Parkeru Ntereka lost almost half of his goat herd to hungry lions that wandered into his pen located near Kenya’s iconic Amboseli national park.
The 56-year-old’s loss made headlines in the east African country as it led to the spearing to death of six lions in retaliation by the Maasai people, who have co-existed with wild animals for centuries.
The killings highlighted the growing human-wildlife conflict in parts of east Africa that conservationists say has been exacerbated by a yearslong drought.
At the same time, the predator population within the parks has increased. Hunger and thirst can send them into communities.
Ntereka said losing 12 goats is a huge loss for his large family.
“I sell these livestock in order to afford school fees. I don’t know how I will afford secondary school fees for some of my children,” said the father of eight.
The Big Life Foundation, which runs conservation programs in the area, has been offering compensation to herders who lose their livestock to predators.
But the compensation does not match the market rate for cows, goats and sheep.
Herder Joel Kirimbu said compensation should match the market rate.
“Cows are expensive and can cost as much as $577 each. One cannot compare 80,000 shillings to 30,000 shillings. We receive very little compensation. That is why we become angry and despite receiving compensation, we come out and kill the lions,” he told The Associated Press.
Rosi Lekimankusi, a mother of five, said 13 of her goats were killed by lions in the same village, Mbirikani in Kajiado County, just 93 miles from the capital, Nairobi.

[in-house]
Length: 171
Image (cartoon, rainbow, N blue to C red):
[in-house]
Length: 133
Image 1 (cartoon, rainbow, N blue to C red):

“This is a big loss for us because my husband and I have no other jobs,” she told The Associated Press while standing outside her goat pen.
Her biggest fear is that such lion attacks will become even more common in her Maasai village that borders Amboseli national park.
The Big Life Foundation, which has run the compensation program for 20 years, said it cannot afford to pay the market price but asserted that the amount cannot be disregarded because it at least expresses solidarity with herders for their loss.
“It could be a little just to make sure your anger goes down but its better than nothing,” said Daniel Ole Sambu, who coordinates the foundation’s Predator Protection Program.
He said the foundation also gives the community scholarships for local children and support for medical facilities.
The human-wildlife conflict often makes headlines in Kenya, where tourism plays an important role in the economy.
Last month, one of Kenya’s oldest lions, Loonkiito, was speared to death as it wandered out of the Amboseli national park in search for food.
The Kenya Wildlife Service said it is working on lasting solutions that would address the conflict while protecting both humans and wildlife.
Ntereka, the herder who lost almost half his goats, lives in fear of another lion attack.
“Since the olden days, we believed that when a lion invades your home and eats your cows, it will still return even after 10 years. It will never forget that your home was once a source of food,” he said.